Oakland, California
Paramount Theatre
March 14, 2005

[James Strohecker], [David Link], [Terry Way], [Mark Stevens], [Thomas Rooney]

Review by James Strohecker

I approached these Oakland shows with some calm skepticism and
intrigue: It was difficult enough to deal with the departure of
Charlie Sexton a couple years ago -- aka, "The Big Band Era," as
Professor Reese calls it -- and learn to tolerate Freddie Koalla-bear, who
was ultimately replaced by a more appropriate Stu Kimball.  During this
period, Bob evolved away from his guitar to focus completely on the piano
and harp except an occasional rare song like last year's opener in Santa

But now the heart and the soul of the band, the straw that stirred the
drink, Larry Campbell, was gone.  He'd been the bellwether for the Big
Band days and the recent evolution - the Rasputin-looking master of
virtually any instrument he touched.  This was, indeed, a new stage for
Bob and his band.

The show opened promptly at 7 p.m. with Amos Lee, and it was clear why Bob
and his people had selected Amos for this tour.  Amos Lee and his band are
solid, and worth checking out -- both on this Dylan tour and after it. 
He's a good picker and the band presented a tight, backup acoustic start
for the evening.

Merle Haggard was another story.  The Fresno farmer surrounded, what I
anticipated to be tired old country AND western tunes, with experienced,
up-tempo, creative, musicians.  Many in his group were as white haired as
Merle, something he joked about over the course of the evening, i.e., "We
have an ambulance and doctors follow our bus around . . . "  But there was
nothing old about the way the Strangers played.
In fact, Merle played his Strat the way Bob used to play the guitar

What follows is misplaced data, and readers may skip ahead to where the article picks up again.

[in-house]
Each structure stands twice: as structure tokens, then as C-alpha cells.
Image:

-- not great, but with passion and aplomb that drove is own songs and
lyrics.  Though Merle copped out with a half-baked version of Mama Tried
early in his set (The Grateful Dead on this same stage rocked the same
song many times), he came back to lead the band in a number of fine, well
played songs, including a bouncy "Take Me Back To Tulsa" that had a really
clean finish and drew a lot of smiles from both the band and the audience.

Then the lights dropped and the curtain rose in this beautiful old
venue and Bob and his new band strutted forward.  Bob, dressed in his
Univ. of Santa Barbara Gaucho outfit began the show hatless, as they began
with, no surprise, Drifter's Escape.  If you'd been watching the set lists
the last couple weeks, you'd have seen this one coming.  And though
Drifter's set the stage for the evening, the sound was muddy and Elana
Fremarman's fiddle backing was lost somewhere up near Seattle, it seemed. 
Bob capped the song with a solid harp solo that put some method into the

The group followed Drifter's with an interesting version of It's All
Over Now, Baby Blue, with Elana's fiddle providing a nice touch in the
toned-down sound mix.  It was clear early on that the band was together,
but not particularly tight.  They were all looking to Bob for clues and

The team followed this with a most excellent, The Man in Me, where Bob
took center stage and crooned the words like a night club singer and band
leader.  This was the song of the night.  His voice was strong and sharp